Deforestation in the Amazon reached a record high last month, and new research based on two decades of satellite images published in Nature Climate Change warns that the world’s largest rainforest is now approaching a “tipping point.” Among the worst drivers of not just the deforestation and greenhouse gas emissions but also the displacement of forest-dependent communities are multinational agribusinesses and their foreign financiers. The same satellite record also reveals vibrant areas of the Amazon that have remained healthy and intact, with distinct boundaries matching areas where Indigenous rights have been upheld.
We have to get beyond the idea that people are necessarily the problem. People have always been a part of forests. We are not separate. There’s roughly the same area of “wild” land on Earth today as there was 12,000 years ago. It’s shocking to those of us immersed in colonial narratives of “pristine nature,” but people have always shaped forests in significant ways. The difference today is that the ways in which colonial societies and economies shape land is overwhelmingly devastating.
Today, more than 97% of land on Earth is no longer intact and has lost the required richness and biodiversity to maintain ecological integrity. Our life-support systems are collapsing. Protecting and restoring more forests as biodiverse cultural landscapes – by respecting local and Indigenous land rights and knowledge as a first priority – is not only ethically necessary but one of the most important contributions we can make to stabilizing the climate. Because the history, wisdom and science are clear: Indigenous and other collective communities do a better job of keeping forests and their vital carbon stores intact over the long-term.
I see this here in Zanzibar, where community groups are time and time again the best protectors of coastal mangrove forests. Mangroves grow half on land and half in the ocean and are the most carbon-dense forests in the world. At-risk coastal communities we have the honour of working alongside have been taking it upon themselves to safeguard and restore these special mangrove ecosystems. They’re doing it without any carbon-offset financing or payment for ecosystem services because they understand that mangroves provide their nearby homes with irreplaceable protection against rising sea levels and that the work is simply necessary.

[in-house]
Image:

And I see it in my home province of New Brunswick, where the Wolastoqey Nation is striving to assert the right to care for and benefit from millions of acres of traditional lands, much of which was sold illegally for $1.50 an acre to companies that have profited from their destruction. This movement is so important right now – most significantly for justice and reconciliation, but also for the forests of New Brunswick and for the global climate. No tree-planting strategy could match the climate and economic benefit offered by transitioning these lands back under the care of Indigenous communities with ongoing reparations to practise restorative management optimized for carbon drawdown.
The International Day of Forests happens to coincide with the International Day for the Elimination of Racial Discrimination, and this invites us to reflect on all the ways forests and justice are woven together today and every day – and then to take action.
Daimen Hardie is co-founder of Community Forests International.